Despite what the New Zealand government has said to date, market watchers are dismissing the second set of undertakings as a charade and believe a Fonterra-style bypassing of completion law is still on the cards, in Australia at least.

"It's a Clayton's deregulation ­ the politicians intervene every time something goes wrong," Centre for Asia-Pacific Aviation managing director Peter Harbison said.

That said, ACCC chairman Allan Fels only needed a quick look to comment that there appeared to be significant new considerations in the new proposals.

One of the revised undertakings presented to the ACCC included the facilitation of a third party into both the domestic and transtasman operations. Air New Zealand has said it has no intention of selling its subsidiary Freedom Air but the low-cost airline is considered a major sticking point for the competition regulator.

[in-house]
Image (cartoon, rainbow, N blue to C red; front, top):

The issue has sparked a war of words with rival budget carrier Virgin Blue, which is waiting in the wings, hoping to snaffle Freedom and the entire discount sector for itself.

Since he presented the revised submissions, Mr Norris said Air New Zealand had already been approached by at least three parties apart from Virgin Blue that were interested in cashing in on the restrictions to Freedom's capacity.

"There are parties out there who think those concessions are valuable enough to encourage them to enter the market."

Mr Norris said the impact of the Sars virus underlined the volatility of the international airline industry and while it did not affect Air New Zealand as much as some other airlines it still had a significant impact and created uncertainty.

Air New Zealand has cut capacity serving Asia, including Japan, which had a flowon effect to domestic traffic levels, he said. "It re-emphasises what this industry faces and from my perspective underscores the validity of the alliance option."

The regulatory environment here is vastly different from Australia's.

The amount of lost competition that would occur in Australia would be relatively small compared with the benefit for Qantas of a deal going ahead. And competition regulation is less formal and less transparent across the Tasman than it is here, according to Chapman Tripp's Mr David.